Fayetteville Arkansas, University of Arkansas--Old Main Overview

Fayetteville Arkansas, University of Arkansas--Old Main Overview
Overview of Fayetteville, AR

Saturday, April 01, 2006

Immigration Reform Protests and NW Arkansas

The massive demonstrations by Hispanics throughout the nation on the issue of immigration reform are a demonstration that this growing segment of the population may finally be coming of age politically. There have been immigration reform bills in the past, but the public outpouring by the Hispanic community has never been so great. There were no protests here in NW Arkansas, but the effect of the protests may eventually be felt here.

Immigration of people from other nations and cultures are what has made the US a great and dynamic nation, and although laws are necessary, I don't think they should be racist and restrictive. As the granddaughter of immigrants from Finland and Sweden, I have experienced first hand how people from other nations make our own nation stronger. The strong work ethic and emphasis on education made the northeastern Minnesota area where I grew up a dynamic community of many cultures where education was prized. Our public schools there were far superior to those in other parts of the state until the mining boom there dissipated in the past 25 years or so. The desire to assimilate spurred the new citizens to raise their children to surpass their own educational and professional achievements and contribute to their communities in a positive manner. The original arrivals could not speak English when they arrived and most worked at menial jobs. Their children all spoke English, worked at better jobs than their parents had, and many encouraged their children, in turn, to obtain college educations to become professionals.

In the past, various ethnic groups have provided massive migrations to our shores. Many of these groups were discriminated against when they first arrived, but now they have become part of the fabric of our nation. The Irish and Italians who arrived in the late 19th and early 20th century are typical of this pattern. Many of the Irish became policemen in the Eastern cities where they settled. And in NW Arkansas the Italians who settled here have created traditions which continue to enrich the area culture and economy (for example, the Tontitown Grape Festival, restaurants, and home-grown industries), even as their children and grandchildren have assimilated and prospered.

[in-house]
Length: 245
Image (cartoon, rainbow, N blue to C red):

For northwest Arkansas, the continued development of the area depends on immigrants. Our area is in a new initial phase of the typical immigration pattern for newly arrived groups. There are increasing numbers of Asians and Pacific Islanders as well as Hispanics moving to the area. Many of the latter are first generation arrivals who don't speak much English. Some are illegal. But their children all attend our public schools and enrich the cultural environment, enhancing the world view of the native Arkansan children. With time these families will assimilate, just as previous generations have done. And our area will be richer for their presence.

The economy of our area also depends on these new arrivals. Much of the new construction of area housing, as well as factory jobs, is made possible by these new arrivals. Many builders now prefer Hispanic crews--they work hard and they take pride in their work, creating beautiful homes for residents and others who are relocating here because of Wal-mart and other major businesses in the area. Many of these new immigrants also work in jobs--for example, in the poultry plants--that local people do not want. They pay taxes and pay into the social security system, helping to assure that when baby boomers and even their children retire, there will be money for the system to be able to pay social security benefits. Without them, our area would not be the driving economic engine that it is.

For additional information, see also:
http://immigration.about.com/b/a/255666.htm
http://www.msnbc.msn.com/id/10704013
http://www.cnn.com/2006/POLITICS/03/27/immigration.rallies.ap/
http://www.npr.org/templates/story/story.php?storyId=5308394&ft=1&f=1001
http://www.usimmigrationsupport.org/
http://teacher.scholastic.com/scholasticnews/news/article_thu.asp

1 comment:

melissa said...

as someone who studies the subject, it's refreshing to read such a well written, on-the-mark blog entry. funny, because my finding this was at random looking through your MLS site. i am a first-time buyer, but obligated to buy from a family real estate agent. were i not previously obligated, i would enjoy the opportunity to meet and work with you.